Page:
Katherine Jenkins OBE has made her mark on the world of music in Wales and beyond. In this conversation, she delves into being a woman in business, making it in the music industry and the importance of bringing women into the fold this International Women’s Day. 

What are your thoughts on the importance of celebrating International Women’s Day? 

It’s a wonderful day to celebrate all of the amazing women that we have in our lives. I’m fortunate that I’m surrounded by incredible, inspirational women: my friends, family and work life. But, the wider picture is to celebrate women’s achievements, raise awareness for equality and have a conversation about gender disparity. The overall message of the day is really important.

Can you tell us a bit about Cygnet and how it’s geared toward the sisterhood of gin lovers? 

Cygnet is an ultra-premium gin brand named after the baby swan – our home is in Swansea so it has Welsh roots. The women in my family all love their gin, but we’ve never had a loyalty to one brand. We discovered that gin brands fall into two categories; either male-dominated or if aimed at women, they’re pink, fluffy and sugary. There wasn’t one that was speaking to me, so I wanted to create a product that I knew was the best in class and uses the best ingredients. Then there’s the sisterhood – we work hard in whatever we’re doing, so when you have that drink you deserve the best. 

International Women’s Day encourages us to challenge stereotypes. How have you overcome any stereotypes or challenges in your career? 

From the very beginning, I’ve found that there’s a disparity in how work ethic is viewed. If you’re a man with high standards and a great work ethic then you’re professional. If you’re a woman, it’s ambitious, or even a derogatory term like diva-ish. In the past, if any of those terms were thrown at me, I found it embarrassing. Twenty years later, I’m really proud that I set those boundaries because holding myself to my standards. Young women shouldn’t be afraid to set those standards. Hold yourself to account for how you want to be viewed decades in the future. 

Which women have supported or inspired you in your career? 

One of them is my mum; she’s so strong and majorly instilled work ethic in my sister and I. She would say to us at a young age, “Girls, it’s up to you. As long as you put the hard work in, you can achieve anything and you can do anything.” I remember that conversation so clearly and I’m so grateful to her, she was an amazing role model.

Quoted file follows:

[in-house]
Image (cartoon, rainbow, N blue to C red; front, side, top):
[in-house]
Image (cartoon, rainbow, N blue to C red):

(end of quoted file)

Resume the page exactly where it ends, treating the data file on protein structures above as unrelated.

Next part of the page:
My singing teacher, Beatrice Unsworth, was like a second mother to me. Moving to London when I was eighteen to study at the Royal Academy of Music was a big shock to the system and she helped so much. Aside from giving me the technique that I needed for my profession, she was a great comfort and somebody who I admired.

Also, being in a female-founded company, it’s really important to me that a large portion of our team are women and that we have women at the top. They’re all phenomenal. They inspire me to do more and I love being on this team with them.

How can women use their platforms to advocate for positive change? 

From a young age, I remember my mum involving my sister and me in charity and instilling the belief that if you are lucky enough to have success in your life, then you have a responsibility to pay that back into the world. When you’re in the public eye you have a different kind of platform that people will listen to, so it’s about choosing genuinely authentic causes. In my instance, I try to choose the things that are very close to me so I can give them my all and amplify their message to the best of my ability. 

Can you share a moment in your career that you are particularly proud of as a woman? 

There are two that come to mind. One was when Classic FM had an award that they gave to the biggest-selling classical artist of the last century. I didn’t even know that existed, so it was a big shock when they gave that to me! The fact that it went to a woman was really exciting. Secondly, I was recently invited by the Admiral of the Navy to be the sponsor of the new HMS Cardiff warship, and again what I’m proud of is the break in tradition as HMS Cardiff is the first time they’re giving the sponsorship to a civilian. I’ve been involved with the military for twenty years and it always feels like such a privilege to be associated with and spend time with them. 

What is the most important message you want to send out to young women thinking about their careers?

This year’s theme for International Women’s Day is about inspiring inclusion. One of the things I talk about with Aaliyah, my daughter, is that if you see someone on the edge of a situation looking uncomfortable or lonely, be the girl that goes over and says, “Hey, come be with us. Come talk with us.” If I’m in a lift and I see a woman, I like to say, “Oh, you look amazing today.” I like to have that positive energy. It’s amazing, you smile at one person and they go on to smile at ten other people that day.

Something that I dislike reading about in the press is how women are pitted against each other. In my experience in business, it’s been the exact opposite. I think that women in business are there to have each other’s backs and hold each other up.

Take as many opportunities as you can. Join amateur operatics, local shows or competitions. It’s all about the experiences that you can get so that when an opportunity comes your way you can be as prepared as possible. Once the ball starts rolling, know who you are and be yourself. As it was said to me at the time, if you’re not yourself and you’re looking for a career with longevity, it’s a really hard act to keep up. Have honesty at the core of everything you do.

To find out more about Cygnet Gin and the story behind it, click here.

Author WCS

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